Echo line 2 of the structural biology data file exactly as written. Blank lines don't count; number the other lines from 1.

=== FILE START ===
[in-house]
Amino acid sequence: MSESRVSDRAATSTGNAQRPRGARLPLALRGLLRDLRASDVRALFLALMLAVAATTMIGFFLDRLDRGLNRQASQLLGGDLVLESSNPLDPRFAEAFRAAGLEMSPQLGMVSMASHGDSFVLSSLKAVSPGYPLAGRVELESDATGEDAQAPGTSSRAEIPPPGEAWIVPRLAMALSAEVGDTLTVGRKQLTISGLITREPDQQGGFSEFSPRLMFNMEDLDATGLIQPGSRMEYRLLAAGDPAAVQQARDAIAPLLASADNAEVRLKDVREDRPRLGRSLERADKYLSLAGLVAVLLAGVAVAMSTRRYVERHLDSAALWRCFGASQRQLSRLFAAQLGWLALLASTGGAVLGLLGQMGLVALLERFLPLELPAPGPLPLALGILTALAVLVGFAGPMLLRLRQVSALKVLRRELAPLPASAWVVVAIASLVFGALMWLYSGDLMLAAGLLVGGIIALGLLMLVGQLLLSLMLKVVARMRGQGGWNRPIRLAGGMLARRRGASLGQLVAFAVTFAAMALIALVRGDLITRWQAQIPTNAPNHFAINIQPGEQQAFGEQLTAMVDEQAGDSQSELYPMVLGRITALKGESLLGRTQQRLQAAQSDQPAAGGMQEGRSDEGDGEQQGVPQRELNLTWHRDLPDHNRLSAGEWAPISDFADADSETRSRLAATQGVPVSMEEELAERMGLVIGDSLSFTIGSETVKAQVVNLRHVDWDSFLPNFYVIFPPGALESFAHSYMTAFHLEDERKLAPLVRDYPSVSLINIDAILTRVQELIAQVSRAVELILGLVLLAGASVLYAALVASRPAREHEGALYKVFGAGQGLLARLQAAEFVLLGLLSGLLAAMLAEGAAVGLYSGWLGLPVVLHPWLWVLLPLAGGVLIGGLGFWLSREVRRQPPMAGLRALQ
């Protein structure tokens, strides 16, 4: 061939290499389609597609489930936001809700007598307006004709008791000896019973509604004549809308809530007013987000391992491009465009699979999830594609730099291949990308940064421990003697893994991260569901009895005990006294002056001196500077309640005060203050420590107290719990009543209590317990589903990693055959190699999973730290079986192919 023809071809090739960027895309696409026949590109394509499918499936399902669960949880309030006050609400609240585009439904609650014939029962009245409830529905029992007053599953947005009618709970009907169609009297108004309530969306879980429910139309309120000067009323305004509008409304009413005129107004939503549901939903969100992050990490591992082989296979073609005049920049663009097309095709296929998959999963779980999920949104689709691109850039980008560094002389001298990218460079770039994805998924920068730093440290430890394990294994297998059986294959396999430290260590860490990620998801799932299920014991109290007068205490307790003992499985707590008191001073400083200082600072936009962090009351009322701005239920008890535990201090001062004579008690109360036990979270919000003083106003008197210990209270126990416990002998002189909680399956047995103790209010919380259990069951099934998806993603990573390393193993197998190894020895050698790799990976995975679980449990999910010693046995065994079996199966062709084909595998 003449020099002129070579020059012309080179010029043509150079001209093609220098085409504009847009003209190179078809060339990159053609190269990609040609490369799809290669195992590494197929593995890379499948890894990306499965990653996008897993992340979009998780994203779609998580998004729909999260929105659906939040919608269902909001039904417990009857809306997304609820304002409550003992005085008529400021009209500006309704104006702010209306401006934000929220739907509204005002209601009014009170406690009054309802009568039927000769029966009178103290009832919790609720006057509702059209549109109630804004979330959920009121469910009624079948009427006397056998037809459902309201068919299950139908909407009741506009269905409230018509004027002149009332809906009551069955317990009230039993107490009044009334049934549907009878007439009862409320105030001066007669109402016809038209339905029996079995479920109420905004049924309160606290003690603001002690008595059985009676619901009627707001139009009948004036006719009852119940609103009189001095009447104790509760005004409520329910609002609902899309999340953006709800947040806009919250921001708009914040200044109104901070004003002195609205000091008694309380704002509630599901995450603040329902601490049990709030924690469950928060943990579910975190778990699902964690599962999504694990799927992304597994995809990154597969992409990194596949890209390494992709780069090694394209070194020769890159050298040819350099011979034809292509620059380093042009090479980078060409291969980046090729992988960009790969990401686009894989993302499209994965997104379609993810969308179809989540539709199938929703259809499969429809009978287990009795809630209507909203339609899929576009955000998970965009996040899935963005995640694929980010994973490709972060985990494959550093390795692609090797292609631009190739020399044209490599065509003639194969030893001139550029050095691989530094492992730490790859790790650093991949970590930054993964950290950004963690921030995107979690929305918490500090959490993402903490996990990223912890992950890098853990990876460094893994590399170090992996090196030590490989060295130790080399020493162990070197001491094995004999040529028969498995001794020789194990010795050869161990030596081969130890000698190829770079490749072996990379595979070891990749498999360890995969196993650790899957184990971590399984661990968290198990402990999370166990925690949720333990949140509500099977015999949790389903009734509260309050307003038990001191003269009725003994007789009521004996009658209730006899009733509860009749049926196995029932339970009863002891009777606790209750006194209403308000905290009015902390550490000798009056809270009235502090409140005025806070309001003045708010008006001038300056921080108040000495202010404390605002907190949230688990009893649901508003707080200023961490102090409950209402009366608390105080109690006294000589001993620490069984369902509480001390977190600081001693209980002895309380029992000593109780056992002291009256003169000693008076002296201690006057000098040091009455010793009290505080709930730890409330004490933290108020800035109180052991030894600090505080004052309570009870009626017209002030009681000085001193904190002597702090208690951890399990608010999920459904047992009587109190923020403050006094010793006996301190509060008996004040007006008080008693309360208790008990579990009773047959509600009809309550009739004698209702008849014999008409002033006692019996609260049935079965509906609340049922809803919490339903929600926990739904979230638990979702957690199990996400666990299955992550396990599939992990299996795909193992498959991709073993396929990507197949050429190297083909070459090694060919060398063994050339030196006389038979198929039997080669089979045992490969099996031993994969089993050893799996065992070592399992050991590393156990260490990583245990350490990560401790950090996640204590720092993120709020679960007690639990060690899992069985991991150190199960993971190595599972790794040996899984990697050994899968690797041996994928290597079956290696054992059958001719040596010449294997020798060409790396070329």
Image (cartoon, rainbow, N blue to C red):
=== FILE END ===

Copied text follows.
Amino acid sequence: MSESRVSDRAATSTGNAQRPRGARLPLALRGLLRDLRASDVRALFLALMLAVAATTMIGFFLDRLDRGLNRQASQLLGGDLVLESSNPLDPRFAEAFRAAGLEMSPQLGMVSMASHGDSFVLSSLKAVSPGYPLAGRVELESDATGEDAQAPGTSSRAEIPPPGEAWIVPRLAMALSAEVGDTLTVGRKQLTISGLITREPDQQGGFSEFSPRLMFNMEDLDATGLIQPGSRMEYRLLAAGDPAAVQQARDAIAPLLASADNAEVRLKDVREDRPRLGRSLERADKYLSLAGLVAVLLAGVAVAMSTRRYVERHLDSAALWRCFGASQRQLSRLFAAQLGWLALLASTGGAVLGLLGQMGLVALLERFLPLELPAPGPLPLALGILTALAVLVGFAGPMLLRLRQVSALKVLRRELAPLPASAWVVVAIASLVFGALMWLYSGDLMLAAGLLVGGIIALGLLMLVGQLLLSLMLKVVARMRGQGGWNRPIRLAGGMLARRRGASLGQLVAFAVTFAAMALIALVRGDLITRWQAQIPTNAPNHFAINIQPGEQQAFGEQLTAMVDEQAGDSQSELYPMVLGRITALKGESLLGRTQQRLQAAQSDQPAAGGMQEGRSDEGDGEQQGVPQRELNLTWHRDLPDHNRLSAGEWAPISDFADADSETRSRLAATQGVPVSMEEELAERMGLVIGDSLSFTIGSETVKAQVVNLRHVDWDSFLPNFYVIFPPGALESFAHSYMTAFHLEDERKLAPLVRDYPSVSLINIDAILTRVQELIAQVSRAVELILGLVLLAGASVLYAALVASRPAREHEGALYKVFGAGQGLLARLQAAEFVLLGLLSGLLAAMLAEGAAVGLYSGWLGLPVVLHPWLWVLLPLAGGVLIGGLGFWLSREVRRQPPMAGLRALQ